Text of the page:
Forum for Science, Industry and Business

Sponsored by:     3M 
Search our Site:


Researchers describe how cells take out the trash to prevent disease

Garbage collectors are important for removing trash; without them waste accumulates and can quickly become a health hazard. Similarly, individual cells that make up such biological organisms as humans also have sophisticated methods for managing waste.

For example, cells have developed complex systems for recycling, reusing and disposing of damaged, nonfunctional waste proteins. When such systems malfunction and these proteins accumulate, they can become toxic, resulting in many diseases, including Alzheimer's, cystic fibrosis and developmental disorders.

Scott Emr, director of the Weill Institute for Cell and Molecular Biology at Cornell, and colleagues, describe in detail how cells recycle protein waste in two recent papers appearing in the journals Cell and Developmental Cell.

"We are interested in understanding how cells deal with garbage," said Emr. "It's really a very sophisticated recycling system."

Cells use enzymes known as proteases to break down proteins into their component amino acids in the cytoplasm -- the fluid inside the cell's surface membrane. Those amino acids are then reused to make new proteins. But water-insoluble proteins embedded in the cell's membrane require a much more complicated recycling process.

Emr's paper in Cell identifies a family of proteins that controls the removal of unwanted water-insoluble proteins from the membrane. The research advances understanding of how cells recognize which proteins out of hundreds on a cell's surface should be removed. For example, hormone receptors at a cell's surface signal such processes within the cell as growth and proliferation. To inactivate these receptors and terminate the growth signal, receptors are tagged for removal. Failure to inactivate can lead to developmental diseases and cancer.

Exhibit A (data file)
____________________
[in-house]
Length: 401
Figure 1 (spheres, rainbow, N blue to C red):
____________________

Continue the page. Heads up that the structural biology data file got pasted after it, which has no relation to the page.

The researchers, including postdoctoral fellows Jason MacGurn and Chris Stefan, identified nine related proteins in yeast, which they named the "arrestin-related trafficking" adaptors or ARTs. Each of these proteins identifies and binds to a different set of membrane proteins. Once bound, the ART protein links to an enzyme that attaches a chemical tag for that protein's removal. The ARTs are found in both yeast and humans, suggesting the fundamental nature of their function.

Once the protein is tagged, the piece of membrane with the targeted protein forms a packet, called a vesicle, that enters the cell's cytoplasm. There, the vesicle enters a larger membrane body called an endosome, which in turn dumps it into another compartment called the lysosome, where special enzymes break apart big molecules to their core units: proteins to amino acids, membranes to fatty acids, carbohydrates to sugars and nucleic acids to nucleotides, and those basic materials are then reused.

The paper in Developmental Cell, co-authored by Emr with postdoctoral fellows David Teis and Suraj Saksena, describes for the first time how a set of four proteins assemble into a highly ordered complex. This complex encircles membrane proteins that must be disposed of in the lysosome. Emr's lab was the first to identify and characterize these protein complexes (known as ESCRTs). The Developmental Cell paper describes the order of events in which the ESCRT complexes encircle and deliver "waste" proteins into vesicles destined for recycling in the lysosome.

Emr's ESCRT discovery has allowed researchers to better understand how the AIDS virus is released from its host cell. HIV hijacks the cell's ESCRT machinery during virus budding. "So, if you block the function of ESCRTs, you could block HIV release," said Emr.